The inaugural season of the Negro Ensemble Company started in January 1968 and its first production was Song of the Lusitanian Bogey by Peter Weiss; it dealt with Portuguese colonialism. Over the years, plays that were put on by the NEC included Ceremonies in Dark Old Men by Lonnie Elder III, The Great MacDaddy by Paul Carter Harrison, String by Alice Childress, Man Better Man by Errol Hill and Zooman and the Sign by Charles Fuller.
The Black ensemble company provided opportunities for Black playwrights such as Wole Soyinka, Lennox Brown, Judi-Ann Mason, Philip Hayes Dean, Gus Edwards and Leslie Lee to have their works produced.
For many Blacks involved in theatre arts, the NEC was such an inspiration. On the website, National Ensemble Company, it emphasizes that “…these plays dealt with complex and often ignored aspects of the Black experience. Creating emotionally resonant characters with depth and variety, the NEC paved the way for Black Americans to present a voice that had been aggressively stifled for three hundred years. This revolution in production and writing also meant an equally important advance for Black actors. With the NEC, many Black actors found their first opportunity to play characters with depth and meaning.”
Despite the successes of the NEC, it also faced political and economic troubles. Members of the Black community criticized the theatre company and its continued support from and association with White philanthropic organizations, playwrights and administrators. Adding to this concern was the lack of financial funding to support the NEC. The original grant from the Ford Foundation had been depleted and the cost of production had increased. Despite shows being sold out, there was still not enough revenue for the company to survive, let alone, thrive. In order to remain in existence, major cutbacks were enacted, such as the disbandment of the resident company, decrease in staff and deferment of salaries. Most notable was the decision that only one play would be produced each year.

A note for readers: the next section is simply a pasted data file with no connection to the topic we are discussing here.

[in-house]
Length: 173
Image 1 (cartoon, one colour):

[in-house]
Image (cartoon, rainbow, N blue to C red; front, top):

In December 1972, The River Niger was produced by the NEC. Written by Joseph A. Walker, the piece presented a story of a working-class, Black family, the Williams, in the Harlem community and their trials. Positively received, in March 1973, The River Niger premiered at the Brooks Atkinson Theatre on Broadway where it had a run of greater than one-hundred and fifty performances over nine months.
Nominated for several awards, The River Niger won the 1973 Drama Desk Award for “Most Promising Playwright” – Joseph A. Walker and the 1973 Obie Award for “Best American Play”. It also won the 1974 Tony Award for “Best Play”. These honors allowed the play to be taken on national tour and was turned into a film. Starring James Earl Jones, Cicely Tyson, Louis Gossett, Jr. and Glynn Turman, The River Niger was released in 1976. The success of The River Niger greater ensured for the next decade the extensive work and outreach of the Negro Ensemble Company.